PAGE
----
Computer Science Specialties
When you study computer science with an emphasis in big data analytics, you will apply knowledge of computing, mathematics and statistics. You will use your knowledge to analyze the problem and identify scientific methodologies to develop a solution. Finally, you will understand how to use and design methods and software applications that help businesses use big data to find success.
An emphasis in business entrepreneurship ensures that you have the skills to go into business for yourself. You will be able to take your technology skills and apply them to the work that you want to do. This program combines computer science and business knowledge in a multidisciplinary approach, ensuring you have the skills to start in just about any technology career.
The emphasis in game and simulation development helps you build skills in the innovative field, which touches many different sectors including entertainment, education and corporate training. The computer science aspect of this degree includes the science, algorithms and theory behind computer games. However, it is also a very hands-on, application-based degree program where you will study artificial intelligence and get to know computer operating systems and object-oriented programming.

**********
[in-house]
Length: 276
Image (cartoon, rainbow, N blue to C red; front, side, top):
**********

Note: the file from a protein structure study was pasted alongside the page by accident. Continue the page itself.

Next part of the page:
Check out Grand Canyon University’s computer science degree programs and learn more about our affordable tuition rates and our campus and online learning environments. Our experienced faculty and staff can help you earn a degree that will lead to a great job and a long-lasting tech career in computer science. If you have any questions, you can click the Request More Information button at the top of this page.
1Retrieved from Bureau of Labor Statistics, Computer and Information Technology Occupations in July 2020.
The views and opinions expressed in this article are those of the author’s and do not necessarily reflect the official policy or position of Grand Canyon University. Any sources cited were accurate as of the publish date.